August’s WINNER is lonestarjake88. Please send your 20 pages (2500 words) to kristen at wana intl dot com in a WORD document. Double-spaced and one-inch margins and CONGRATULATIONS!

For those who need help building a platform and keeping it SIMPLE, pick up a copy of my latest social media/branding book Rise of the Machines—Human Authors in a Digital World on AMAZON, iBooks, or Nook

, , , , , , , , , ,


Using Dialogue to Create Dimensional Characters

Screen Shot 2014-07-25 at 9.36.04 AM

So last time we talked about the basics in regards to dialogue and once we grasp the fundamentals—like proper punctuation—we then can focus more on elements of style. How we deliver the dialogue.

We can tell a lot about people by the way they speak. What people say or don’t say speaks volumes. As the writer, it is our job to understand our characters and to know who they are and how they think. We have to master the art of empathy. If we don’t, our dialogue will all sound like US talking. Writing, in many ways is a lot like method acting. We have to crawl inside the head and the psyche of our cast.

Not as easy as it might seem.

Dialogue done well is the stuff of legends though. Think of favorite movies. Why do we love them SO much? Very often…dialogue.

My name is Inigo Montoya. You killed my father. Prepare to die.

Social Roles—The Broad Strokes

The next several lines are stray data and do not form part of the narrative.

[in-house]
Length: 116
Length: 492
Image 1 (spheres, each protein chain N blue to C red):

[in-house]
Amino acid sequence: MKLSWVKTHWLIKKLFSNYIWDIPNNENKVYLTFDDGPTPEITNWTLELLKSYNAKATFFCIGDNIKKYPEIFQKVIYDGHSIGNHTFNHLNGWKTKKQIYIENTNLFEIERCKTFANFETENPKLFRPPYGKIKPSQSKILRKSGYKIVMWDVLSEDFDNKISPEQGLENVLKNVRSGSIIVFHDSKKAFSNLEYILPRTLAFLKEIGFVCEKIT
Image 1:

I live in my apron only usually no makeup and hair in a scrunch-ee

Whether we like it or not, most of us will fall into some kind of social category with the way we speak. The way we speak will tell others a lot about who we are, our job, our background, level of education and even where we exist socially.

Don’t believe me?

How many of you were once young and wild and free and swore you would never be like your parents? Then one day you heard, “Because I said so, that’s why” fly out of your mouth?

“Why can’t you just do it the first time?”

“I didn’t ask you if you wanted to do it.”

I am bee-bopping along and suddenly hear my mother….

“Well, Spawn, when the mind is stupid, the body suffers.”

Shoot. Me. Now.

No matter how much we try, we are helpless in the face of mimesis. But, that isn’t such a bad thing. This actually makes it easier to do what we do. Since we’ve been around moms, we know how they talk. We can emulate the lingo. We know how teenagers, grandparents, grouchy neighbors, picky librarians, and con-artist family members all talk.

Through these “roles” we gain the broad strokes of what a character should “sound” like. This will help our characters ring true in the mental ear of the reader. There is nothing wrong with having characters who fit into a tidy box. They can still be interesting and unique even in that role.

Yes, I am a mother and I say all the stuff I swore I would never say.

No is just a part of life. 

I also play XBox with Spawn and say things like, “Burst-fire! Conserve your ammo!” “You can’t kill a zombie like that!” 

Screen Shot 2014-01-30 at 9.16.38 AM

Thus, even though a lot of what I say would be very prototypical “Mom Talk” there are elements of how I speak that make me unique within that subset. Not all moms shoot for sport, practice Jiu Jistu and randomly quote Monty Python. Spawn’s mom, however, DOES.

But this is is when we get into the…

Character—The Fine Strokes

Moms say things many other moms say, but each mom is unique. That is the case with most characters. If we don’t take time to really think about who each character IS, we can run the risk of a character sounding like a stock character.